Many years ago, American Airlines opened up their employee non-revenue travel benefit, previously restricted to immediate family and near-relatives, and allowed an employee to designate an unrelated person as a travel companion who could travel with the employee as if he or she were an immediate family member. If I recall correctly, it could also be used to elevate the status of a non-immediate family member. (Non-rev travel is handled in priority order, with immediate family trumping parents and siblings.)

Joe Taylor Author Profile Page said:

Michael, I'd like to hear your answer to route66news's main point. Why is marriage between heteros who cannot or will not reproduce different than homosexuals who cannot reproduce?

Route66News said:

The parties who wanted to continue California's ban on gay marriage had ample opportunities in court to prove why gay marriage would be harmful, and they failed utterly. If the arguments cited on this blog were viable, why weren't they used?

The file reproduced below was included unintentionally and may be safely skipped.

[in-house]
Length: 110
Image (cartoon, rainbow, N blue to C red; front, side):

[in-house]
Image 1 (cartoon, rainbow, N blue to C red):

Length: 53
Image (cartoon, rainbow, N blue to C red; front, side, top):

That would lead me to believe that the defense attorneys were incompetent, or there simply isn't any sound reason to continue the ban. Considering how the defense team was well-funded, it's doubtful the former is the case.

Anon said:

R66,

The marriage of those three groups you mention, in particular, recognize the relationship between a man and a women to be biologically normal, whether they reproduce or not. That relationship needs to be well founded in order to provide a basis for reproduction.

A biologically abnormal relationship does not provide that foundation. It sort of defies gravity, so to speak. And, while accepting that it happens does not also make it normal.

A four-leaf clover can't simply call itself a three-leaf clover and have it be true.

We're getting off-topic here, but you're presuming that the judge intended to be fair. Judicial analyst Ed Whelan wrote back in February that Judge Vaughn Walker's "entire course of conduct in the anti-Prop 8 case has reflected a manifest design to turn the lawsuit into a high-profile, culture-transforming, history-making, Scopes-style show trial of Prop 8’s sponsors." Read the article to see the specifics with links to additional details. Walker included an inquiry into voter "animus" -- in other words, were the majority of California voters thinking mean thoughts about homosexuals when they marked "yes"? Walker appears to have been biased from the beginning and reportedly has a direct personal interest in the outcome of the case.